(a) A representative density map calculated for a single conformer sampled during simulation. The map necessarily shows atomic detail, with individual side chains clearly visible. (b) An averaged map calculated as the mean of 1,000 individual maps, such as that in panel a, based on conformers extracted from the simulation at 1-ns intervals. All maps used in the calculation share a common orientation, based on alignment on the capsid’s Cα trace. Averaging clearly reduces molecular detail. (c) A map calculated by icosahedral averaging of the map in panel b. With icosahedral averaging, a technique commonly used in experimental structure determination, molecular detail is further reduced and features at low spatial frequency become more apparent. For map calculations, individual atoms were treated as Gaussian density distributions with a width of 1 Å at half maximal density and pixel size of 0.75 Å.

https://doi.org/10.7554/eLife.32478.017
Figure 6—figure supplement 1
FSC analysis of theoretical density maps.

(a) Two average maps, each based on 500 randomly selected maps from the ensemble of 1,000 maps, were calculated with a width of 1 Å at half maximal density. The FSC between the two maps falls below the cutoff of 0.143 (dotted line) at 0.44, the inverse of 2.3 Å, indicating the resolution of the map based on the full ensemble. (b) Repeating the analysis from panel a with maps calculated with widths of 0.5 Å and 1.5 Å at half maximal density produces an equivalent FSC curve, demonstrating that the selection of this parameter does not introduce bias. (c) Repeating the analysis from panel a with an icosahedrally averaged map shows increased correlation at lower spatial frequencies, but does not alter the predicted resolution.

https://doi.org/10.7554/eLife.32478.018
Comparison of Cα RMSF with theoretical local resolution and experimental B-factors.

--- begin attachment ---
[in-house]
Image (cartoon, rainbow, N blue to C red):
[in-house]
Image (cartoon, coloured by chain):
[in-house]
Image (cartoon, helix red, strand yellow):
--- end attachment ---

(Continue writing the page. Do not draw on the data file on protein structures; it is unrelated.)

(a) Per-residue comparison of RMSF and local resolution; average RMSF is 2.03 Å, while average local resolution is 2.65 Å. For reference, the global FSC value of the theoretical density map is 2.3 Å. (b) Per-residue comparison of normalized RMSF and normalized local resolution with normalized experimental B-factors, reported as an average based on the two available apo-form HBV capsid crystal structures. To place metrics on the same scale for comparison, values (x) minus their average (µ) are normalized in units of standard deviation from the mean (σ). (c) Relative changes between normalized RMSF and normalized local resolution are highly correlated. (d) Relative changes between normalized RMSF and normalized experimental B-factors are also highly correlated, although noisier.

https://doi.org/10.7554/eLife.32478.019
Figure 8 with 1 supplement
Exchange rates for water and ions crossing the capsid surface.

Cumulative numbers of solvent species moving inward (blue) and outward (red) across the capsid surface over a given segment of simulation time are plotted versus that simulation time, and the slope of the linear fits give the exchange rates, which are reported as averages ± standard deviations. (a) Water molecules exchange at a rate of 4.7×103 ± 0.03 ns-1 inward and 4.7×103±0.04 ns1 outward. (b) Sodium ions exchange at a rate of 8.4±0.7 ns-1 inward and 8.5 ± 0.6 ns-1 outward. (c) Chloride ions exchange at a rate of 1.8 ± 0.4 ns-1 inward and 1.7 ± 0.3 ns-1 outward.